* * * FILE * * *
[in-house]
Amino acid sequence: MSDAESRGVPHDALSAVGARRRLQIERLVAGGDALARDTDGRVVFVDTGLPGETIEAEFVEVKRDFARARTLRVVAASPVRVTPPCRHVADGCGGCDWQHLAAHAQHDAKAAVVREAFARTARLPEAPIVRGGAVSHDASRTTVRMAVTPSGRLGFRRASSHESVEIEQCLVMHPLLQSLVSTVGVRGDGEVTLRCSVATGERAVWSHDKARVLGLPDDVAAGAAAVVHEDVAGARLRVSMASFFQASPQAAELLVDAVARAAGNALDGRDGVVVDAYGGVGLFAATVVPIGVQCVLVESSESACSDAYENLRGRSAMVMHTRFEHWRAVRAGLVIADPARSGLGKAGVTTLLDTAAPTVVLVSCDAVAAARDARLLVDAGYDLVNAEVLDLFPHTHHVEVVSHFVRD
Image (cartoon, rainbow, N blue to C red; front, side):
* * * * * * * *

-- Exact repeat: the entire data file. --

[in-house]
Amino acid sequence: MSDAESRGVPHDALSAVGARRRLQIERLVAGGDALARDTDGRVVFVDTGLPGETIEAEFVEVKRDFARARTLRVVAASPVRVTPPCRHVADGCGGCDWQHLAAHAQHDAKAAVVREAFARTARLPEAPIVRGGAVSHDASRTTVRMAVTPSGRLGFRRASSHESVEIEQCLVMHPLLQSLVSTVGVRGDGEVTLRCSVATGERAVWSHDKARVLGLPDDVAAGAAAVVHEDVAGARLRVSMASFFQASPQAAELLVDAVARAAGNALDGRDGVVVDAYGGVGLFAATVVPIGVQCVLVESSESACSDAYENLRGRSAMVMHTRFEHWRAVRAGLVIADPARSGLGKAGVTTLLDTAAPTVVLVSCDAVAAARDARLLVDAGYDLVNAEVLDLFPHTHHVEVVSHFVRD
Image (cartoon, rainbow, N blue to C red; front, side):